Bling times at Indian Hills High
It’s happened again. The brilliant filmmaking machine that is Coppola has come out with a visually-stunning, zeitgeist-defining movie.
I’m talking about Sofia Coppola.
She’s my favorite Coppola. While her father has made some terrific movies, she has said more about our stars and our selves with a handful of really small, really personal pictures that are closer to very smart short stories than the epic, sprawling works of Francis Ford.
She does it on a fraction of his typical budgets. And while his films give me a grand sweep that sometimes loses the narrative thread in its over-ambition, hers are personal snapshots of a moment, a time, a feeling.
I was struck by this after seeing her latest, The Bling Ring, about a group of disconnected SoCal teens who attend Indian Hills High, an alternative institution for those who got kicked out of mainstream schools. This group—mostly gals, one guy—likes to break into celebrity homes when the owners (Paris Hilton, Audrina Patridge, Lindsay Lohan) are away, which seems to be more often than they are home. They steal clothes and jewelry and handbags—truly gaudy stuff—but the stars have so much of it that they don’t seem to notice at first. (And the quantity of clothes in this film is truly frightening. Paris Hilton could change outfits three times a day for the rest of her life and not wear everything we see in this film, and the scenes involving her were actually filmed in her home using her clothes.)
But the real thrill comes from being in the homes of the rich and famous and seeing their lifestyles up close. But as with all Sofia Coppola films, this movie ceases to be plot-driven and becomes both a character display (“study” seems like too strong a word) and even more, a depiction of modern LA morality, such as there is.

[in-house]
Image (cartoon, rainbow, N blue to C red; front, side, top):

Sure we’ve heard most of this stuff before if we’ve watched TMZ. But what I love about this film is the way Ms. Coppola feels confident enough not to manipulate the audience to a reaction she desires. (See Five Ways to Know You’re Watching A Steven Spielberg Movie.) That takes guts. This is also where a lot of critics have come to ding The Bling Ring. The movie scores a miserable 57% approval on Rotten Tomatoes. You have to travel far to find a theater that’s showing it.
The complaints are the same over and over, and they are the same complaints that dogged her last film, Somewhere: the filmmaker doesn’t make a point about what she films. There is no summation at the end, no one at the tiller. It’s almost as if they expect Stan from South Park to appear and utter his soliloquy that always starts, “I learned something today.” Even Stephanie Zacharek of the Village Voice, who can be counted on as a solid Sofia fan, says this film left her cold.
I’m at a loss as to why. Unless we watched different cuts of the movie, we do get a sense of closure and a “statement” from the auteur. (Actually I’d argue with Ms. Zacharek that there’s more closure and “point” here than in Marie Antoinette or Lost in Translation, both of which she loved.) It’s just that we don’t get a statement outlined in crisp magic marker. Everyone will take away something different. I’m sure some in the Valley will even feel the bling ring did nothing wrong at all, except perhaps get so cocky they eventually were caught. (Another critic, David Fear, perceptively states, “”The Bling Ring” isn’t about celebrity so much as celebrity culture, and the way that these Generation TMZ Angelenos have become so wrapped up in this world that a chance to step through the looking glass—legally or otherwise—feels like a God-given right.” Yet he didn’t like The Bling Ring either.)